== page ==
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Resolved: The benefits of First Amendment protection of anonymous speech outweigh the harms.

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Voting Style: Open Point System: 7 Point
Started: 5/15/2015 Category: Philosophy
Updated: 1 year ago Status: Post Voting Period
Viewed: 3,468 times Debate No: 75350
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I stand in strong affirmation of the resolution Resolved: The benefits of First Amendment protection of anonymous speech outweigh the harms.

Firstly, We should have our say in issues that concern us, and along with that, we deserve to be anonymous when saying such things. As Americans, we should stress the fact that we are a free area, free of utter control over us, having the benefit of being able to speak your mind without having your identity shown is simply put: a necessity. For the same reason, many are angry at the NSA for breaking our privacy and viewing our personal email, at least, that's what we think they are doing. Why are we mad? because we know, as Americans, we have the right to privacy. We should be aloud to say what we want, where we want, when we want, without going to jail for it. This is one of the main reasons America is viewed as a great place to be, because as long as we don't kill anyone, life is pretty good.

(Anyone accept this debate?)


Thank you for making this debate possible; I accept the challenge. Before getting into refutations and the negative contention, I would like to start out by defining the words in the resolution and providing a judging calculus for the audience.
Benefits: The advantages of implementing this resolution
First Amendment: The first amendment of the US constitution that states, "Congress shall make no law respecting an establishment of religion, or prohibiting the free exercise thereof; or abridging the freedom of speech, or of the press; or the right of the people peaceably to assemble, and to petition the government for a redress of grievances."
Protection of anonymous speech: A legal measure intended to protect verbal or written down communication without an author.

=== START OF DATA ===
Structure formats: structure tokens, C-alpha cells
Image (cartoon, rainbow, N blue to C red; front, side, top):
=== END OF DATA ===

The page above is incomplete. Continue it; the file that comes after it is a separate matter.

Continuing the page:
outweigh the harms: Are greater than the negatives presented

Framework: "benefits" implies a net benefits framework. In addition, the judges should value short term impacts because anything long term is speculative, and short term impacts are the best way to pragmatically see how this will effect society.

1st: Regarding your first point about "deserv[ing] to be anonymous," the neg isn't saying that people can't speak, we're saying that their needs to be a recourse in order to encourage people not to say hurtful things and find the people that say the rude things.
2nd: Regarding your free point, we don't live in a state of anarchy without rules. We live by a set of laws that govern us and keep our freedoms in check. A freedom that opens the door for increased hate speech and lead to human suffering is unjust. An unjust freedom shouldn't count as a freedom and thus, shouldn't be weighted.
3rd: Speaking about the NSA point, that is speech where the people were identified, and so it isn't topical because we are discussing "anonymous" protection. Don't weigh this red herring in the round.
4th: Regarding your right to privacy argument, American's only deserve privacy if they claim ownership over it because it dissuades people from making brash statements and reduces hate speech.

Neg Contentions:
1st Contention: It's a net benefit to limit protections of anonymous speech because it reduces hate speech.

As the Privacy Association finds, "anonymity means that people can say and publish things that are hurtful and hateful without being identified. It is frequently the anonymous, careless, offhanded comment or posting filled with slurs and invective that adds to online hate. Odds are that if people knew they would be identified with their thoughtless slurs, they would not publish them (1)."
Analysis: If people know their actions are going to be identified, they are less likely to post them. This allows less rude and thoughtless speech to effect innocent civilians.

In addition, as the No Hate Speech Movement explains, "At [an] individual level, hate crime discriminates individuals and strips them of their dignity. At group level, hate crimes have the potential to reverberate among followers of the perpetrator, spark discrimination and spread fear and intimidation. At society level, hate crime jeopardises everyone"s human rights (2)."
Analysis: Hate crime has negative effects on human beings that jeopardize confidence, dignity, and human rights.

Impacts: There is one unique impact off of this. First, people are more likely to commit the crime due to impunity, which means more people are likely to be afflicted. This shows that more people lose confidence, dignity, and human rights.

Conclusion: With more and more people relying on social media and the internet to communicate and gather information, it is imperative that we put into place some type of safeguard to prevent people from using the Internet's cloak of anonymity to bully our children and make false accusations against local businesses and elected officials.

Debate Round No. 1


NGEpical forfeited this round.


austinpt7 forfeited this round.
Debate Round No. 2
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